This is the last chapter of our The Complete Guide to Google Interview Preparation series.
If you keep following our blogs, I hope you are quite clear about how to prepare for a Google interview. Many people may ask if this guide also works for non-Google interviews as well. This is the whole point of this chapter.
The short answer is yes, you can use this guide to prepare interviews for most top companies like Facebook, Uber, Airbnb and so on. This is exactly the reason that you see some folks just got offers from all those companies.
In this chapter, I’m going to discuss non-Google interview styles, preparation “shortcut” and how to prepare specifically for one company.
If you have interviewed with a number of companies, you’ll notice how similar the interview processes are. What’s more, same questions can be asked by different companies.
In hindsight, this makes a lot of sense. Companies are trying to invent accurate and efficient system to evaluate software engineers. At this point, the most widely adopted approach is general coding interview plus system design interview. This mechanism allows companies to get maximum information about a candidate within a single day.
Of course, a much better way is to temporarily hire the candidate for three months and make the hiring decision after that. However, no company can afford this.
As that being said, due to various constraints, the “Google style interview” is the optimal solution so far.
This is a good news for candidates. You can absolutely spend half a year preparing interviews and it just works for most companies automatically.
This is the last time for me to emphasize computer science foundation in this guide. Having similar interview processes means a solid foundation is more important than ever.
A completely wrong strategy is to jump into coding questions on day one. What’s more, they would go to Glassdoor to find recently asked questions by company XYZ and prepare for it. Without a good grasp of computer science foundation, this approach is really focused on the least important thing. The even worse thing is not only this won’t work for that particular company, it just wastes your time for all companies.
On the flip side, if you start focusing on the foundation at the very beginning, you’ll be in a good position no matter which company you are preparing for. This compound effect can’t be more important.
Play The Long Game
I don’t want you to have the feeling that our posts can give you tricks that immediately boost your chance with no effort. Instead, I encourage everyone to play the long game.
Start your preparation as early as possible and take the whole process as a way to improve yourself rather than passing an exam. As I mentioned in the very beginning, if you have only a week left, this guide is not for you. I’m focused on helping people who can work consistently towards goals and don’t rush for immediate gratification.
This strategy resonates with all the tips we provide. If you have at least a couple months left, go build something. Working on a project is the best way to improve your technical skills and you’ll find it rewarding in both coding and system design interviews (especially the latter).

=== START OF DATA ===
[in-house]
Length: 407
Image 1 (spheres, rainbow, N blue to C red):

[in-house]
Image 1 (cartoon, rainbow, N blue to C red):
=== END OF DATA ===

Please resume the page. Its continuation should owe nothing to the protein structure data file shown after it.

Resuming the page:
It’s a toxic mindset to always look for shortcuts. If there is any shortcut, the shortcut is to work consistently.
Companies may still have some specific type of interviews. One example is that Amazon usually has a coding test as the first round of interview. My advice is very simple – don’t worry about this too early.
I would suggest people still follow their initial preparation plan. Focusing on foundation and practicing coding questions are always needed. You won’t be able to pass the online coding test without a good grasp of basic data structures and algorithms.
Right before your interview (maybe one week in advance), you can do some company-specific preparation. Glassdoor is highly recommended and you can find tons of questions that are asked by your target company recently. In other words, you should do this at the very last step of your preparation and more often than not, you’ll find little difference between companies.
This is exactly the reason that when people ask me how to prepare for Amazon’s online test, I would suggest them just do whatever you need to do and in essence, there’s no difference at all.
It’s worth noting that some startups have very difference interview style and this tip doesn’t apply for it. For instance, many startups would give candidates a real project and would expect them to finish over a weekend or within hours. If you have been working on many real projects, this shouldn’t be hard for you.
If there’s one takeaway I’d like you to get, it must be focusing on the “root”. Most people tend to be short sighted and spend most of the time working on the “leaves”. Without a solid foundation, you might be able to solve one problem by chance, but you can never solve all of them.
I’m glad that many people are telling me they found the guide useful and has helped them land their dream jobs. If you have further questions, feel free to drop me an email or comment on the blog.